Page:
Results and Discussion
In the following, evidence of mitochondrial or X effect is listed as significant at p < 0.05, without correction for multiple testing (the traits are genetically and phenotypically correlated [6] and measured in the same individuals). Note, however, that a modified Bonferroni correction that accommodates these genetic correlations, described by Lease et al. [6], yields a more stringent experiment wise type I error rate = 0.01.
Mitochondrial and X effects in discrete traits
Phenotypes include 12 discrete behavioral traits related to alcohol consumption [7]. Two traits (BINGE and MORNING) did not show significant heritability in the polygenic model and were not considered further. Of the remaining traits (SMOKER, DESIRE, CRAVING, SPENT, NARROW, GAVEUP, BLACKOUT, WITHDRAWAL, HEALTH, and PSYCHO), data are shown only for those whose model likelihoods were increased by the addition of mitochondrial or Xeffect terms (DESIRE, which showed a marginally significant X effect, is also shown). The sequence of analysis was: estimation of a polygenic model (POL); addition of a mitochondrial heritability term (MIT); addition of a heritability term for the additive genetic effect of the X (XFX). At each step the more restricted model was retained unless the model with the added parameter had a likelihood that was significantly greater at p < 0.05. Table 2 reports the pvalues for the successive models and point estimates of the parameters retained in the final model for each trait. Trait SPENT showed a significant effect (p = 0.034) of the X chromosome, but the size of this effect (6% of total variance) is small. CRAVING showed a significant mitochondrial effect (p = 0.005), as reported [6], but no significant effect of the X chromosome. In each case the new parameter accounts for the entire additive genetic effect (i.e., h^{2}_{g} = 0) in the final model.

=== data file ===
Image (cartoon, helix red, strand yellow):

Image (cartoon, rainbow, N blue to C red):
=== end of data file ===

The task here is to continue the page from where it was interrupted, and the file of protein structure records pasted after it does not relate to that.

Mitochondrial and X effects in continuous traits
We examined two behavioral traits, MAXDRINKS and CIGPKYR. Both measures were leptokurtic and were log_{e}transformed: Îº before(after) transformation: MAXDRINKS 9.18 (0.06); CIGPKYR 9.69 (1.46). We also examined 13 electrophysiology traits (ecb21, ntth14, ttdt14, ttth14). All showed a significant additive genetic component; data are shown only for those traits whose model likelihoods were increased by addition of more parameters. The sequence of analysis was: estimation of a (model POL); estimation of a polygenic model with separate environmental variance terms for the two sexes (EMF); addition of a mitochondrial variance term (MIT); addition of a variance term for the additive genetic effect of the X (XFX). At each step the more restricted model was retained unless the model with the added parameter had a significantly greater likelihood at p < 0.05. Table 3 reports the pvalues for the successive models and the estimates of the parameters retained in the final model for each trait. Two traits (LNMXDK and ttdt2) had significantly different environmental variances in males and females, although neither showed significant mitochondrial or X effects. Three traits (LNCIGP, ecb21, and ttth1) showed evidence for mitochondrial effect. One trait (ntth1) showed a significant effect (p = 0.021) of the X.
Interaction of sexrelated effects